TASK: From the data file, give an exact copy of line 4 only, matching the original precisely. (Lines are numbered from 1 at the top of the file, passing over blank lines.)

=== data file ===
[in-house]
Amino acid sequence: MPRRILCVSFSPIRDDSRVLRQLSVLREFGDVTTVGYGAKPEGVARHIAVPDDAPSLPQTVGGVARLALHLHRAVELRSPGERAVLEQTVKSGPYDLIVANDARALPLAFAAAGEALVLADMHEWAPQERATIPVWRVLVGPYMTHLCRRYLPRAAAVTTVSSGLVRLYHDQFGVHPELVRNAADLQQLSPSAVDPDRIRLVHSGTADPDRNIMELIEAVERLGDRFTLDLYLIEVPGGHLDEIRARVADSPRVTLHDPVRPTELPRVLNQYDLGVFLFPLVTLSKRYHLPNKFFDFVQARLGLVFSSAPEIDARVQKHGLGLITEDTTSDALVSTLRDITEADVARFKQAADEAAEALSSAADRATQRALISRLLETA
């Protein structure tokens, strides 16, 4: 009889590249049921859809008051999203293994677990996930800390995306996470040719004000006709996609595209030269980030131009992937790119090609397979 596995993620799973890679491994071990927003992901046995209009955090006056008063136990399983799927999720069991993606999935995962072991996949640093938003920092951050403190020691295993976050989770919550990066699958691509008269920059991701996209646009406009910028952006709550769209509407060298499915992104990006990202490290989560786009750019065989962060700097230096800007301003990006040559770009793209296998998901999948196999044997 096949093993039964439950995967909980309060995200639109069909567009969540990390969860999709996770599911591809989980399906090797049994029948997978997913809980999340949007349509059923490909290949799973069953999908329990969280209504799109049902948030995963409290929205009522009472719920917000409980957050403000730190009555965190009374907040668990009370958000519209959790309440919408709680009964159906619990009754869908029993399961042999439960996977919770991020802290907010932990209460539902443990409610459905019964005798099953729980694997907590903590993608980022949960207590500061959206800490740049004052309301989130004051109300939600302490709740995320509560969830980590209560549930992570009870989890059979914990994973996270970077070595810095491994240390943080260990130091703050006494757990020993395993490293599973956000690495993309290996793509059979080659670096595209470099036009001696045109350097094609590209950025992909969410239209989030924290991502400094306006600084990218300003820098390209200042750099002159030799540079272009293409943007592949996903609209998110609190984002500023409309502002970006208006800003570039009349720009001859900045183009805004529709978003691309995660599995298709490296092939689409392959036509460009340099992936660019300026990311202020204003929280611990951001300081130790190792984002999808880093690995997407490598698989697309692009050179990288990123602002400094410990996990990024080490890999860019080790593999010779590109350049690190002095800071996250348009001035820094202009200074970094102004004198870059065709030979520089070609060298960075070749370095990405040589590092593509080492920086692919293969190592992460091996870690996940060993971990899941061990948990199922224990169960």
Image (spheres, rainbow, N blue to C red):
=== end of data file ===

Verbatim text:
Image (spheres, rainbow, N blue to C red):